30 August 2012
Carbon Tax

By now, everyone would have heard of the carbon tax – and possibly be quite bored with the topic!   

But, do you really understand how it affects you and/or your business? Even though it isn't a direct tax on you, there are indirect impacts that flow on to the rest of the economy due to the rise in energy prices.

So, what can you do to minimise the impact?

The first thing you can do is review your business's list of expenses over the past few years and identify what costs are affected. This includes items directly impacted such as fuel, oil and electricity, but also may include indirect items like business travel, freight and waste removal. From this, you can get an idea of the extent the carbon tax will impact your business.

To gain a deeper understanding of where costs may increase, for more significant items, you could liaise with your suppliers on how the carbon tax affects them. There is also an opportunity to increase your bargaining power by negotiating contracts with key suppliers now as a way to reduce the risk of excessive price hikes in the future.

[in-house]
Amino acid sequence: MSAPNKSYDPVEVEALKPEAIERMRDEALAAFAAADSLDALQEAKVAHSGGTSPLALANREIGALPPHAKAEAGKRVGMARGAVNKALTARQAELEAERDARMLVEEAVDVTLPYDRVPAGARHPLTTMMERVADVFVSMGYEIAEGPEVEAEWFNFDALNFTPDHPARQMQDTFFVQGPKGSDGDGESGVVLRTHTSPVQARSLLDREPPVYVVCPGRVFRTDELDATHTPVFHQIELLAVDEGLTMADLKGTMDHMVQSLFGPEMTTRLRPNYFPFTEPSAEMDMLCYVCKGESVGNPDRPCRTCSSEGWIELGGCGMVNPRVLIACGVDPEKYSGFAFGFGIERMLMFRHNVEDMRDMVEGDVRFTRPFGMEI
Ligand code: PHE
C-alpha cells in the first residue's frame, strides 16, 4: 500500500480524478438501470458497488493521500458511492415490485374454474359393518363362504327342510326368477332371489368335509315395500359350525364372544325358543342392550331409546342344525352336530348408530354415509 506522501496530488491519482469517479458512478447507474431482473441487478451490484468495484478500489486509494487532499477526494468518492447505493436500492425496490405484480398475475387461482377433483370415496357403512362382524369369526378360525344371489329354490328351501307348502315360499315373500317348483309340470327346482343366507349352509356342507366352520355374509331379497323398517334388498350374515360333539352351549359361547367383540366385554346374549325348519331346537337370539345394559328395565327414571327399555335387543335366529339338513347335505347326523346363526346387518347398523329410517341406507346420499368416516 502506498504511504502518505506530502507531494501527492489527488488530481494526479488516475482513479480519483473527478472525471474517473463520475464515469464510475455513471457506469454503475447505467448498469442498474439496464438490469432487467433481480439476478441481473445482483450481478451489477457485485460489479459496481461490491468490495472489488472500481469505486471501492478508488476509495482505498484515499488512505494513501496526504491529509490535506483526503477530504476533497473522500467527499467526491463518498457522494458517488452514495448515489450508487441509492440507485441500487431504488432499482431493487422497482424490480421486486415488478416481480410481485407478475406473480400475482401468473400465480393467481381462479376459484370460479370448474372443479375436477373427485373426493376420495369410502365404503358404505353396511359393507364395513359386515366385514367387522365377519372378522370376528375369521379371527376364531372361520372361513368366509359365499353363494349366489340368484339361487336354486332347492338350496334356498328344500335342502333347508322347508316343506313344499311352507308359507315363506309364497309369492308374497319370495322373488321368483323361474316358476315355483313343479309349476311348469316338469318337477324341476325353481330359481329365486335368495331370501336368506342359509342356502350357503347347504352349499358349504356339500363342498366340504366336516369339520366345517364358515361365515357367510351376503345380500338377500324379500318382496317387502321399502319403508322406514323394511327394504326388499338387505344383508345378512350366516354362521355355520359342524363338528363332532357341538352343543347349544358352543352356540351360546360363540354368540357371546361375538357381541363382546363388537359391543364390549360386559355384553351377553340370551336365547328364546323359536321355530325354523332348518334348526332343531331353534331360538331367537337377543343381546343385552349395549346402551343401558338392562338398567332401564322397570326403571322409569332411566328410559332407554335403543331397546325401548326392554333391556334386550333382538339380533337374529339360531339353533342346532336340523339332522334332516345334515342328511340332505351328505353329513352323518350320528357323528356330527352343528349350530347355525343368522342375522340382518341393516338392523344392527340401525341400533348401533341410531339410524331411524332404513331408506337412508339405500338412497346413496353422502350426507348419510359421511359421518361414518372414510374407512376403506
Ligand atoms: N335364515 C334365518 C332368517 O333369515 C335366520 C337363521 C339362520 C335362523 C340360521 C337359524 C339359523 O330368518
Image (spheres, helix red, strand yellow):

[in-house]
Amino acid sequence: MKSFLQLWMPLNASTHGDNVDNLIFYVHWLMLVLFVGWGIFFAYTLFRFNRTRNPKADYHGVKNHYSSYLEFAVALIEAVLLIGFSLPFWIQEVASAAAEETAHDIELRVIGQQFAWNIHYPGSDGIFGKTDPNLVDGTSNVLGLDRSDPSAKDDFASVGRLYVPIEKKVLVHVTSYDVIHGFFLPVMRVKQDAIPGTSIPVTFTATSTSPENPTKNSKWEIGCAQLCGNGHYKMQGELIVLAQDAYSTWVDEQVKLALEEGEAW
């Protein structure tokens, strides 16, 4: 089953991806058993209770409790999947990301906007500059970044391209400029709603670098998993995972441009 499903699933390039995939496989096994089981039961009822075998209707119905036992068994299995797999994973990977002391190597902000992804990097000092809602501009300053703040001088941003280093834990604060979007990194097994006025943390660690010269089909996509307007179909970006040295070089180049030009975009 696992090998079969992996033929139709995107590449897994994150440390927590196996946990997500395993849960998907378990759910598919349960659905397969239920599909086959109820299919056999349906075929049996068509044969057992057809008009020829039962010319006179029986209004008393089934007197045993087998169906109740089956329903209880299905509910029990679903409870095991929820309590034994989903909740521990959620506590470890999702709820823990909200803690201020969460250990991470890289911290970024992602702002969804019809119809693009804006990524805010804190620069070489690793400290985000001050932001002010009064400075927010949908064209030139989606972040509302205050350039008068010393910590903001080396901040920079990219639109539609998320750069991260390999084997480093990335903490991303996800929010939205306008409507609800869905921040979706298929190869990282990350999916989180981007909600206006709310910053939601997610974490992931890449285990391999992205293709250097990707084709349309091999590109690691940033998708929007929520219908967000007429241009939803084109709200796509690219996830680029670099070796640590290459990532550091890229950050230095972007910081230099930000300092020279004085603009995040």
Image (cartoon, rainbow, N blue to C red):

Next, by exploring ways to reduce your business's consumption of the expenses expected to be impacted by the tax, you may be able to highlight potential cost savings. Some quick tips for saving energy and therefore costs are:

  • Don't leave electrical equipment switched on for long periods when not in use. This includes items like computers, photocopiers
  • Use low energy light bulbs
  • Install movement detectors to control lighting in areas not used frequently such as meeting rooms and toilets
  • Involve your staff – get their input on possible ways to make the business more energy efficient

These may appear like "motherhood" points, but with business electricity costs projected to increase by around 20% this year, actions to reduce the impact could result in material savings.

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This Newsletter, of necessity, has dealt with matters of a technical nature in general terms only. Clients should contact us for detailed information on any of the items in the Newsletter. No responsibility for loss occasioned to any person acting or refraining from acting in reliance upon any material in this Newsletter can be accepted by any member or employee of the firm.

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